Album Reviews

Taylor Swift’s folklore: A Fragile Power that Redefines Pop

Within pop music history there are a number of records that force you to look at the genre in a different light. Some examples include: Radiohead’s Ok Computer, Bijork’s Debut, Beastie Boys’ Check Your Head, Lauryn Hill’s Miseducation of Lauryn Hill, Nirvana’s Nevermind, Beyoncé’s Lemonade and Lorde’s Pure Heroine. Taylor Swift’s folklore follows these trailblazers as she redefines her career and how women singer songwriters approach pop music. Even though the Chick’s Gaslighter record is my album of 2020, folklore is a landmark record. Where Gaslighter excels in how it addresses themes of emotional pain and domestic violence in a powerful call to action, folklore redefines pop’s overall musical structure for women artists.

You can argue that folklore takes familiar folk structures from Joni Mitchell, Janis Ian and Patty Griffen, applying them to pop music so effectively is groundbreaking. In 1989, Reputation and Lover, Swift stayed true to traditional pop structures where her voice was prominent in the mix with lite R&B and electro pop flourishes. Even though these records were exceedingly popular and demonstrated lyrical depth, musically they became uninteresting and drifted into the background of the pop landscape. They were catchy records, but felt like close cousins to Katy Perry, Pink, Miley Cyrus and Adele records. folklore marks a major departure from this formula, which casts Swift’s work in a whole new light.

The refreshing sound embodied in folklore is due to Swift’s faith in her producers and her faith in her artistic talent. Swift, Aaron Dessner and Jack Antonoff work well together and create a record which challenges Swift musically, while also highlighting her vocal and lyrical strengths. In my opinion, it is bold for Swift to bring on suck strong voices as Dessner to produce a record at this point in her career. Let’s face it, Taylor Swift could release a recording of her reading the instruction manual to a Toro lawnmower and it would go platinum….hell, I would buy it. But, she took a risk and trusted Dessner to bring out the best of her in a new and fresh way. She is a big fan of the National and respects Dessner’s work, which shows in how much influence he has on this record. The end product is an interesting dialogue between Swift’s beautiful vocals and Dessner’s unique musical style.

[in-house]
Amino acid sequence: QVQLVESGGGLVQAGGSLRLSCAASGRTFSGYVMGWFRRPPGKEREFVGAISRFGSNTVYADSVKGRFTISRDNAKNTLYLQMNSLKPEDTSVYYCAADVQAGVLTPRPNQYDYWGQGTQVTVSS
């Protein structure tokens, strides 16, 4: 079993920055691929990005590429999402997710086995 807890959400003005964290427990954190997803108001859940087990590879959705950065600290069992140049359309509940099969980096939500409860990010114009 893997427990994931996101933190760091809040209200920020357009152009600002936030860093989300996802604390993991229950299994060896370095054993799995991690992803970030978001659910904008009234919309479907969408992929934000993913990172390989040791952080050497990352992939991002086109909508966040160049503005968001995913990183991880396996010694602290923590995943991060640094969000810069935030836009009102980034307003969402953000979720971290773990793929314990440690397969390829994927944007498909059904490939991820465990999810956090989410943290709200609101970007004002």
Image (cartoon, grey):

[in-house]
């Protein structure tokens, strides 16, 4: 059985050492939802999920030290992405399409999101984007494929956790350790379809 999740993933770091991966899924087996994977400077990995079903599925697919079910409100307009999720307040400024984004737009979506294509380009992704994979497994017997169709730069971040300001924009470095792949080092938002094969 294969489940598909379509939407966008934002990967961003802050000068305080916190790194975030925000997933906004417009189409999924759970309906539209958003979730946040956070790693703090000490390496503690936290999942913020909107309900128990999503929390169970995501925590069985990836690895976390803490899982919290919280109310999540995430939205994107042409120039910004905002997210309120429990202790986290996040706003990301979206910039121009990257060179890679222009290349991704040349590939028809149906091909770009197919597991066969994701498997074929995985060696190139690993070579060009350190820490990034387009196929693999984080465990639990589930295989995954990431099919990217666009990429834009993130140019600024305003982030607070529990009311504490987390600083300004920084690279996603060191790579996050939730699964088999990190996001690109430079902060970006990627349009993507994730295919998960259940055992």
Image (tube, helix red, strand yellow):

There are so many tracks on this record that I connect with that it would take weeks of posts to work through them all. So, for the sake of time I will focus on three tracks: Cardigan, Exile featuring Bon Iver and The Last Great American Dynasty. I think taking a deeper look at these three tracks highlights the lyrical and musical aspects of this record that make it so memorable. However, if you want to explore more about the record you can read my post about the standout track Seven.

The second track Cardigan is a prime example of how Swift, Dessner and Antonoff work together to produce a heartfelt and beautiful pop track. Musically, the song is quite stripped back with a gorgeous piano foundation complimented by some added synth and electric percussion. Swift’s vocals are up front in the mix and have their telltale pop power with some added layering in post – production. However, they do not overpower the piano and both seem to be in concert with each other in a kind of duet. In this sense, the piano takes on the role of an added vocal, which gives the track added interest and complexity. You can feel Antanoff’s steady hand in the irresistible pop hook in the chorus: “But I knew you / Dancin’ in your Levi’s / Drunk under a streetlight.” Swift sings about being the other woman in a relationship and used like an “old Cardigan” to be taken out when wanted, but often discarded under the bed. She sings about how people assume you know nothing when you are young, but by the end of the song she knew he would leave her and she would reject him when he came back. In this sense, she had agency in the relationship and will no longer be treated as an object; like an old cardigan.